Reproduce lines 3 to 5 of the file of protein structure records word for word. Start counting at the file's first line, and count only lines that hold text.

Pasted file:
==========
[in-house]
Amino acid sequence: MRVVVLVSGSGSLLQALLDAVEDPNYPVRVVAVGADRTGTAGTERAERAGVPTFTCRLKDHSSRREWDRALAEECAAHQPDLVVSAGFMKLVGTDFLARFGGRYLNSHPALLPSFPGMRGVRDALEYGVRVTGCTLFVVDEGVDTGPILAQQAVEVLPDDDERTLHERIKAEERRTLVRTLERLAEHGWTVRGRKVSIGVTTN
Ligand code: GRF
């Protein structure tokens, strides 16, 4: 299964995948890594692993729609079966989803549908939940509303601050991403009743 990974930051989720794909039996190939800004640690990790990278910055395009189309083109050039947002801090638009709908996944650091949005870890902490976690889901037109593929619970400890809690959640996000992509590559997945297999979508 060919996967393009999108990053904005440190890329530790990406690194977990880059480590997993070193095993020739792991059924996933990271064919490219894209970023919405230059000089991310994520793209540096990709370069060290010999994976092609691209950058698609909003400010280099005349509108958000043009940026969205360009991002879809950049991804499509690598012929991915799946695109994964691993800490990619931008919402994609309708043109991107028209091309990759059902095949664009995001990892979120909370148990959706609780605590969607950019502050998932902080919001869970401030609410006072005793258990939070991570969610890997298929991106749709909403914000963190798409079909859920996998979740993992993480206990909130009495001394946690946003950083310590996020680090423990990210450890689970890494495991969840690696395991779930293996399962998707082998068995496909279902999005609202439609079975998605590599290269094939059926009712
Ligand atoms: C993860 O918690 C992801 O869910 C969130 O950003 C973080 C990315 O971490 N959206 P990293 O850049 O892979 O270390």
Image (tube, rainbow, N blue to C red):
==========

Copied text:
Ligand code: GRF
């Protein structure tokens, strides 16, 4: 299964995948890594692993729609079966989803549908939940509303601050991403009743 990974930051989720794909039996190939800004640690990790990278910055395009189309083109050039947002801090638009709908996944650091949005870890902490976690889901037109593929619970400890809690959640996000992509590559997945297999979508 060919996967393009999108990053904005440190890329530790990406690194977990880059480590997993070193095993020739792991059924996933990271064919490219894209970023919405230059000089991310994520793209540096990709370069060290010999994976092609691209950058698609909003400010280099005349509108958000043009940026969205360009991002879809950049991804499509690598012929991915799946695109994964691993800490990619931008919402994609309708043109991107028209091309990759059902095949664009995001990892979120909370148990959706609780605590969607950019502050998932902080919001869970401030609410006072005793258990939070991570969610890997298929991106749709909403914000963190798409079909859920996998979740993992993480206990909130009495001394946690946003950083310590996020680090423990990210450890689970890494495991969840690696395991779930293996399962998707082998068995496909279902999005609202439609079975998605590599290269094939059926009712
Ligand atoms: C993860 O918690 C992801 O869910 C969130 O950003 C973080 C990315 O971490 N959206 P990293 O850049 O892979 O270390």